Cappadonna is teaching a May 10-12 Befriending Small Deaths–Big Deaths at Shambhala Mountain Center. We recently asked her a few questions about her fascinating life, about “small” and “big” deaths, approaching death with curiosity, and the workshop she will soon teach.

SMC: Tell us about your early experiences with death.
DC: I grew up in a medical family in a Children’s Hospital, at a time where there was no HIPA and I was free to visit children in the medical units in their wide spectrum of healing. Many of my friends were children I met in their healing time. We continued in friendship after they went back home. Some of my hospital companions died. Death was kitchen-table conversation. I knew I could die as a child, and at any age. Death was treated with respect as a natural process in our family, and I was held securely in this knowledge.

SMC: Tell us a bit more about your work with refugee medicine.
DC: We worked in the Killing Fields with 150,000 Cambodian refugees in a United Nations camp on the Thai border. I also worked inside a camp of Khymer Rouge. As a humanitarian, I practiced being with humans with wounds beyond label of friend or enemy. Our team brought back Cambodian families, and they have taught me a great deal about the resilience of our human Spirit.

SMC: What are small deaths?
DC: ‘small deaths’ are daily and numerous. Death of dreams, hopes, visions, viewpoints, emotional states, events such as losing work, breaking up, aging, loss of anything dear to us. What I ‘thought’ would arise or fall away and more. It can be the smallest thing, like the death of a pen. I’ve shifted from using a pen in my appointment book to using a pencil to honor the impermanence of things!

SMC: What does it mean to approach death with curiosity?
DC: To recognize our cultural tendency to deny or avoid death, to take death out of it’s natural place in the circle of life. To approach death with curiosity suggests to respect the reality of what we see around us and know for ourselves directly. Respect at it’s Latin root means: “to look again and again.” Looking at big deaths~small deaths allows us to be present and alive to this moment and appreciate this generous opportunity of being alive to learn and grow.

SMC: What sort of spiritual skills does one need to be fearless in the face of the unknown?
DC: There are a number of spiritual skills in all wisdom traditions which offer tools of courage, and which engage our body, mind, emotions, and spirit. I will offer some that have a Buddhist basis and are universal in nature.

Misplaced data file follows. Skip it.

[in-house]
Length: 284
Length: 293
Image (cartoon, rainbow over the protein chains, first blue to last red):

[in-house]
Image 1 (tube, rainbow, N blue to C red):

SMC: Is there anything I’m not asking you that you want to share with me regarding your retreat?
DC: It is a rare privilege to meet within the Great Stupa. The generating field of this world peace center creates a resonant field of profound wisdom, fearlessness, joy, and compassion as our vessel for learning and Being. To be so held within, as well as roam out in the lush fields of spring surrounding the Stupa, cultivates a spaciousness and warmth that expands our conscious awareness of ‘never born, never die’ in an essential way.

Sign up for Cappadonna’s weekend retreat!

A Perfect Start

By Melanie Klein

A perfect start.  I’m referring to my first opportunity to lead a program at Shambhala Mountain Center: Retreat and Renewal. I think it’ll be a terrific way to offer something back to this special place that has repeatedly refreshed me, challenged me, and inspired me.  I first came to “the land,” as SMC-ers put it, in 2005 and have been attending programs here ever since.

At Retreat and Renewal, I will be more guide than leader, assisting participants to fill their weekend dance card, so to speak, with whatever appeals: meditation instruction and practice, yoga, hiking, massage, a guided tour of the Great Stupa … On Saturday night I look forward to offering a taste of the dharma, for those so inclined to join, and together exploring skillful approaches that reveal our innate intelligence and good-heartedness, even within the over-busy lives most of us lead. And I’m delighted that our morning meditation sessions will be held in the shrine room with the best view.

It seems to me that Retreat and Renewal is also a perfect way to start for those who’ve been wondering what SMC is like, or who wish to come back, but had a thousand other things to do first. It’s Friday evening through Sunday lunch (offered monthly through May); lodging in Mission-style comfort; letting someone else do the cooking.  Short and sweet, and just maybe… absolutely beautiful.  I can hardly wait to get started.